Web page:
- Politica: Six Books on Politics or Political Instruction
Editions of Latin texts from the Renaissance and early modern period seem to be quite popular. In Renaissance Quarterly 57.3 (Fall 2004) John Monfasani has brought the I Tatti series to our attention, in his review of Craig Kallendorf's Humanist Educational Treatises. The present book, too, Jan Waszink's edition of Justus Lipsius's Politica, is part of a new series of Neo-Latin texts, Bibliotheca Latinitatis Novae, published by Royal van Gorcum in Assen (The Netherlands) and clearly following the design of the well-known Teubner. The series is aimed at "Latinists as well as modern linguists, Renaissance and early modern historians, historians of art, science and law, and all other students of the Classical Tradition" and provides an English translation as well. Among the available titles are John K. Hale, ed., John Milton: Latin Writings (1999); Jan Waszink et al., eds., Hugo Grotius: The Antiquity of the Batavian Republic, with notes by Petrus Scriverius (2000); Adrie van der Laan and Fokke Akkerman, eds., Rudolph Agricola: Letters (2002: most recommendable!); and Dorothy Pritchard Huber and Mark Riley's edition of John Barclay's Argenis (2004).
Also in 2004 appeared Jan Waszink's edition of one of Justus Lipsius's most influential, but also most complicated, works, the Politica sive civilis doctrinae libri VI qui ad principatum maxime spectant (first published Leiden: F. Raphelengius, 1589), dedicated "To the Emperor, the Kings and the Princes." It was reissued and reprinted more than forty times, until late in the eighteenth century, in its whole [End Page 699] or in an abbreviated form, and was translated into Dutch, French, Italian, English, German, Polish, and Castilian. With his Politica Lipsius follows in the footsteps of such illustrious predecessors as Machiavelli and Erasmus. In books 1 and 2 he dwells in a more general way upon the virtues to be expected from a sovereign and discusses the purpose and the various forms of government. Book 3 focuses on prudentia civilis, the major quality of a king, and the importance of choosing wise and honest counselors and ministers. Book 4 discusses a some demanding problems, with which the sovereign will inevitably be faced, such as the levying of a sensible and fair amount of taxes, or the relation between religion and state, and the king's attitude towards dissidents, or the question whether a sovereign is allowed to use guile and deceit. In the final books the author treats the prudentia militaris: the need for a smoothly organized, efficient, and well-behaving army. To avoid burdening taxes, religious discord, and incursions of undisciplined soldiers, Lipsius obviously wrote his advice with the miserable situation of his native country in his mind.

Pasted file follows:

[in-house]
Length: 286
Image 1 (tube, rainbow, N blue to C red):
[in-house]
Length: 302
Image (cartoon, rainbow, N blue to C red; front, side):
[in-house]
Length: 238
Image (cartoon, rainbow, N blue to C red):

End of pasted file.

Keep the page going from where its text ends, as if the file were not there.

But the Politica is also a real tour de force: the author has presented his "guide for good government" in a cento, a continuous chain of quotations from classical authors, linked by a commentary of his own. The typography of the Plantin Press keeps the distinction between Lipsius's own sentences (in Roman type) and the quotations (in italic) with short references to the sources in the inner margins, an effect carefully respected by Jan Waszink in his edition (in his corresponding English translation the sources from the Latin text — usually without chapters or paragraphs — are substituted by the exact, modern references).
In his introduction Waszink discusses Lipsius's ideas against the background of his life and work on the one hand, and the evolution of political thought and morality in the sixteenth century on the other hand. Waszink also pays attention to the reception of the treatise when it was issued — the rift with Coornhert, the risk of its being put on the Index of Forbidden Books, the encouragement of Lipsius's Jesuit friends — and the reception of his ideas in later centuries. After elaborating on the format of the work (with attention for commonplace books) and its structure, the...